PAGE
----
And that, I think, is Hurwitz’s thinly veiled metaphor for herself. In listening and talking to Hurwitz this weekend (she was nice enough to answer a few of my questions after speaking), it became clear to me that while she is very much trying to challenge traditional authority and pave the way for women to take on new and important roles in Orthodox Judaism, she also has a deep and unwavering respect for Orthodox Judaism and its traditional system. I asked her last night if she had ever considered going to a place like the Jewish Theological Seminary, where she would not have to deal with the complaints of the RCA, etc, and she responded that she never had–that she feels at home in the Orthodox world, and that it is important to her to bring about change while working within the framework of the system that is in place. Even though I find myself more comfortable outside the Orthodox realm and within a less traditional sphere, I have a lot of respect for her commitment to being both an Orthodox Jew and a female authority and leader. Learning with her this weekend was great, not just because I discovered Yalta, who was quite the rebel, but also because I had the opportunity to see a room full of Modern Orthodox Jews engaged by an intelligent, educated woman on Halachic issues–a site that I don’t see too often, but that could hopefully become commonplace in the next decade or two.

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I just wanted to share this video, Advice for Young Girls from a Cartoon Princess: The Little Mermaid. It’s incredibly funny and sarcastic, and touches on all the absurd things that Disney princesses are essentially preaching at small children. Now, I personally find Disney movies to be fun and enjoyable–who doesn’t enjoy it when people break out in song? However, I do think it’s interesting/important to think about the messages that Disney movies are actually sending. Even thought about Aladdin’s orientalist undertones? Or the fact that it’s completely forgivable for the male characters to be ugly (the Beast), but never the female ones? Yeah.

Some gems:

“Don’t ever talk to a man until he kisses you on the lips first. Then, as a woman, you’re allowed.”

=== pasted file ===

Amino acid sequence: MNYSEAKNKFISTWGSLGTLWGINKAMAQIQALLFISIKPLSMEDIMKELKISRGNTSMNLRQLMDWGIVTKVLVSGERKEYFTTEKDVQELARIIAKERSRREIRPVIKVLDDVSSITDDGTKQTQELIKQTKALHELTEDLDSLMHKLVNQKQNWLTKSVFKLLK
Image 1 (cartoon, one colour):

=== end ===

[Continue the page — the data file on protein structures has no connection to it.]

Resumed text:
“If you have a father that loves you, run away from him!”

“Never be comfortable in the body that you’re given. If you don’t like how you look–snip, snip, nothing wrong with that! I’m an ordinary human instead of being a beautiful princess mermaid, and I love that.

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I’ve been reading my copy of the newest edition of Ms. Magazine all morning, and on the last page, as a part of its “No Comment” section, which features blatantly offensive advertisements for which people are encouraged to write to the offending advertisers and request that they be taken down, it features this:.
Now, in case you can’t see the print, the first step in how to ask for a raise is as follows: “It should start with your usual routine and all the things you do to feel your best, including showering with Summer’s Eve Feminine wash or throwing a packet f summer’s Eve Feminine Cleansing Cloths into your bag for a quick freshness pick-me-up during the day.” Steps 2-8 include eating a healthy breakfast, leaving early, and focusing on things you have done that show your worth. But, of course, Summer’s Eve comes first.

Now, I think we should all think about the fact that many doctors specifically recommend against douching, since a woman’s body naturally cleans itself. Douching simply covers up a smell–women should call their doctors if they feel that they have a serious problem. So, clearly, using Summer’s Eve is not going to help your vagina or body feel better and set you up for a good day.

Besides that, the problem with this ad is in the two problematic messages that it sends women. First, the obvious fact that it tells women to cover up their natural scent, as if there is something wrong with their bodies and their natural functions. Second, this ad makes it seem as if the most important thing for a woman to focus on in a workplace is, in fact, her womanhood—the fact that Summer’s Eve is first, and work advice only starts at #4 sends a message that it is more important for a woman to have a pleasant-smelling vagina than to present herself effectively to a boss. Now, at a time when women make less than men but are less likely to ask for a pay raise, I see this as a significant problem. According to the linked article from The Guardian, studies show that women tend to undervalue themselves and are afraid of being seen as pushy—women aren’t not asking for raises because they’re afraid of having their vaginas smell bad. As a society, we should be working to help women be more assertive in the workplace, and helping women learn to value themselves in the same way that their male counterparts do. We should not be teaching women to criticize their bodies and add to the already-existent worry inherent in asking for a raise.

So, write to Women’s Day and ask them to remove this offensive ad:
C.B. Fleet Company Inc.,
4615 Murray Place, Lynchburg, VA 24502